Maiden, Mother, Crone by the Forward

She shattered the glass coffin of fairy tale endings

For a period of six weeks in 1994, the artist Rachel Feinstein slept in a makeshift gingerbread house on display at Exit Art, a Manhattan gallery. The performance was called “Let the Artist Live,” and Feinstein could be glimpsed, in sleeping pill-aided slumber, through the window of the house, resembling a dreamy if slightly debauched Sleeping Beauty Or, perhaps, as a helpful patron pointed out, a woman out of a John Currin painting. (In fact, Feinstein met Currin, whom she would go on to marry, when he stopped by the gallery, alerted to a girl who looked like she had escaped one of his technically accomplished, impishly perverse canvases.)

This was during the “maiden” stage of Feinstein’s life, when she bleached her hair and wore aggressive fashions, fighting against the creamy good looks of a Renaissance portrait. But even then, the themes that would preoccupy the artisgt throughout a career that by now spans three decades were manifest. These themes — the profound sacredness and the profound profanity of the body; the beauty and grotesquery of female existence; the blurry borders between comedy and tragedy; fairy tales and horror stories — are on full, triumphant view as part of “Maiden, Mother, Crone,” Feinstein’s first museum survey, now at the Jewish Museum. The show takes its title from the three progressions of a woman’s life, though it seems to me that what Feinstein actually highlights are the interstices, the in-between limbo points, as shame, abjection, and decay mingle with recovery, fertility, and wisdom.

Feinstein is primarily a sculptor, though perhaps it is more accurate to say that a great deal of her work assumes, in its final form, the medium of sculpture. (A highlight of the show is the aluminum and vinyl assemblage “Mr. Time,” a windmill-like grandee with a working clock for a face, based on a drawing made by one of Feinstein’s sons. The figure carries the traces of a child’s sketch, a kind of quixotic charm, the poignancy of time’s passing and the timeless stretch of childish play.)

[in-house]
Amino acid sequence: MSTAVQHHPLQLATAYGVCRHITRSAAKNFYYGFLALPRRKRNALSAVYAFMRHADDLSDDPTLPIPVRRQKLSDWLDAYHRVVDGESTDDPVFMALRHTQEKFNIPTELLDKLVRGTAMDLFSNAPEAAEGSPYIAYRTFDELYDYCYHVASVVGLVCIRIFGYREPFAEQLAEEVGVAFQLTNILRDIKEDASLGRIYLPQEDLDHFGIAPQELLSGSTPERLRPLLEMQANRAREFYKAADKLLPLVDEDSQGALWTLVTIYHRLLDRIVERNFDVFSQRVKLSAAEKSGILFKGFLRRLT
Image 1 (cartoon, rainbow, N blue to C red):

As an artist, Feinstein is remarkable for her ease with and use of various processes and materials, and one particularly rewarding aspect of this retrospective is the way her work is immediately recognizable as hers, the way it bears (and bares) a kind of visual signature, even while retaining its ability to continually surprise. Her technique and facility unite wide-ranging references: Feinstein studied religion and art at Columbia, but she is also fluent in fairy tales, high fashion, and the darker corners of desire. And so the museumgoer who wanders from “The Walrus Is Paul (2000),” a wood and enamel paint piece in remarkably verdant greens that suggests, on first look, the décor of a pricey nursery, is struck by the departures and echoes of “Adam and Eve (2007),” a stained wood sculpture of the abstracted biblical personages, who huddle under a conspicuously non-verdant tree in their innocence-lost Eden.